If you’ve listen to K-pop for a while now, then I’m sure you will recognise some words seem to pop up in lots of songs. Here’s a short list of some of the words I think you should know.
This is one that can and has caused plenty of controversy, because it sounds like a derogatory word in English. Calm down, people, it isn’t! 니가 (ni-ga) means “you”. When written down, the official spelling should actually be 네가 (ne-ga) and it is often pronounced this way. However, you may be able to see a problem if you do actually pronounce it as ne-ga, because this is identical to the pronunciation of 내가 (nae-ga), which means “I”.
So simply put, in order to differentiate between “you” and “I”, 네가 is commonly spoken and written as 니가. All clear now?
Koreans actually try to avoid directly using the word “you” in Korean, because they find it not be that respectful. In fact, it is only ever used to those younger than you and when directed at children. Some more poetic words for “you” found in songs, especially ballads, are 그대 (keu-dae) or 당신 (tang-shin).
This one is often translated to “I miss you.” The word is a combination of 보다 meaning “to see”, and the ending – 고 싶다, which means “to want to do something”. So literally, 보고 싶다 means “to want to see (someone/something)”, and it still can be used that way. For example, 그 영화를 보고 싶다 means “I want to see that movie”, and clearly not “I miss that movie.”
But normally in the context of a song, and without a specific object attached to it, it probably is referring to a person, and is better translated as “I miss you”. You might hear this word in other forms such as 보고싶어(요).
But as is the case for love songs, here are other words to look out for to do with feelings:
아프다 / 아파(요) – to hurt, feel hurt (this is often pronounced as 아퍼)
그립다 / 그리워(요) – to miss (a more specific word for “missing” in Korean)
고맙다 / 고마워(요) – to be thankful (less formal version of 감사합니다)
헤어지다 / 헤어지자 – to split up / let’s split up
This word (yeongwonhi) means “forever”. There are lots of phrases to do with time that will come up again and again in songs. Similar to 영원히, we have 여전히, 항상, 늘, 계속, 귾임없이… all with meanings along the line of always, everlasting, continually, never-ending…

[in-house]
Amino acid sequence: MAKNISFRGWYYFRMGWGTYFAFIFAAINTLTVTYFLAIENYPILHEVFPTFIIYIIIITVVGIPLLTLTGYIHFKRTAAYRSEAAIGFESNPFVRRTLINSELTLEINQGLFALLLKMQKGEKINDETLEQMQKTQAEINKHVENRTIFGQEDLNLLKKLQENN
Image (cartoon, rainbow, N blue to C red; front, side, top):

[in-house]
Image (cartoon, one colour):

You may come across many other time phrases, like 매일 (every day) and 하루 (day).
Some interesting uses of these words are:
매일매일 – every day. You can say 매일 twice in a row, but to be honest it doesn’t really change the meaning, and is just for adding slight emphasis.
매일 아침 – every morning. Combine it times of day, e.g. 매일 1시에 점심 먹으러 가요. Every day at 1pm I go out to eat lunch.
하루종일 – all day. Adding 종일 gives the meaning of “throughout”.
하루하루 – day by day, day after day, from one day to the next, get my drift?
The translation for 어떻게 is usually the interrogative, “how…?” It is always followed by a verb and gives the meaning of “by what means/ how”.
However, this shouldn’t be confused with 어떡해, which is a verb in its own right (coming from 어떡하다). This is roughly means, “oh no! / what (am I supposed) to do?” This is used more as an exclamation. Check out this example conversation:
어떡하지? 나 열쇠 잃어버렸어… Uh oh, I lost my key…
어떡해! Oh no… what are you going to do…
집에 어떻게 들어가지? How will I get in the house?
There are many other important question words you should be aware of:
왜 – why
뭐 / 무엇 – what
언제 – when
무슨 – which
누구 – who
어디 – where
There are many other words you probably know like 사랑해요 that you will often hear in Korean songs. It’s hard to limit it to a set list of words. I hope this post will be helpful in understanding some more of the common words you might hear not just in songs but in regular Korean conversations.
See you next week!